Meddling in Elections (in Iraq)

| Thu Aug. 30, 2007 1:30 PM EDT

In a column in today's Washington Post, David Ignatius says the U.S. should have done more to interfere with the January 2005 Iraqi elections, supposedly to counter "Iranian influence."

Joe Klein agrees that the administration was naive if it expected an anti-Iranian result from an unmanipulated election. But he says the idea that CIA interference could have positively influenced the elections (or won them for "former CIA favorite Iyad Allawi") is just as silly. Was the CIA going to magically change the demographics of Iraq? As Klein points out, every Iraqi election is effectively a "census," with voting split along ethno-religious lines:

Kurds vote for Kurds. Sunnis vote for Sunnis. Shi'ites vote Sadr or the Hakim family.

Shias were likely to win any Iraqi election with or without Iranian help. The "Iranian influence" Ignatius talks about isn't the problem. The Iranians have influence in the first place because there are so many Shias in Iraq. And the inevitably Shia Iraqi government was inevitably going to be friendly to Iran because Iran is a Shia country.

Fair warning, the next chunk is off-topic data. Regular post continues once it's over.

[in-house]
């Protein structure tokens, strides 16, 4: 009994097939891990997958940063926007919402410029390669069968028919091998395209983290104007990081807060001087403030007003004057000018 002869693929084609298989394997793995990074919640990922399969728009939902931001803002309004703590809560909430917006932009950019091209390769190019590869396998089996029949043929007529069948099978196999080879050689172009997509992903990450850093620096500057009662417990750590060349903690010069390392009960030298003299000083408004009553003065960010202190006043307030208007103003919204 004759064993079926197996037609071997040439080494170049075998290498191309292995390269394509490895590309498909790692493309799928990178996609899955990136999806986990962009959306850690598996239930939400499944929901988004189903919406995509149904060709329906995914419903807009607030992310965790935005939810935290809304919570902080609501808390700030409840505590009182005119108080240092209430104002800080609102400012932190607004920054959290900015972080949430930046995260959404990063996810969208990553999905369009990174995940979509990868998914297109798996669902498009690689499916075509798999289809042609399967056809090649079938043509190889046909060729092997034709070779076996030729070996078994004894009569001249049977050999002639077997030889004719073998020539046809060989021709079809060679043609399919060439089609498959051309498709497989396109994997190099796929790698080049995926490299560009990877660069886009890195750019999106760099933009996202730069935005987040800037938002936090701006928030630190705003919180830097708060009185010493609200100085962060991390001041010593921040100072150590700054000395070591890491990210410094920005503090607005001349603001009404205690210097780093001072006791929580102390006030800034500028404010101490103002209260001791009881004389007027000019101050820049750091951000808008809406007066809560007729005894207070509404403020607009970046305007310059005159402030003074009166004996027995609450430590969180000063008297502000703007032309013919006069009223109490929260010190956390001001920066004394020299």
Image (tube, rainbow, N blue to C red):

Pinning American hopes on a change in leadership is just as naive as assuming that "if we can just hold elections, everything will turn out all right." It's unlikely that any Iraqi leader could truly bridge the sectarian divides. And Matthew Yglesias reminds his readers that we've heard the whole "a change of leadership will save us" narrative before:

Back when Allawi was booted from power in January 2005 in favor of Ibrahim Jafari, folks proclaimed this a great success and said Bush's Iraq policy had been vindicated. They were wrong. Back when Jafari was ousted in favor of Maliki, people proclaimed this, too, as a crucial step in the right directed. They were wrong. Now Maliki's the problem and Allawi -- again! -- is the solution. But they're still wrong.

The Iraqi leadership obviously isn't the problem. The whole nation-building project would almost certainly be a lot easier if Iraq was ethnically and religiously homogeneous. But the Shias aren't alone. There are also Kurds and Sunnis, and all three groups hate each other. This is not a good starting point for a democracy. And putting someone new in charge isn't going to solve the fundamental problem that Iraq is an ethnically and religiously divided country.

—Nick Baumann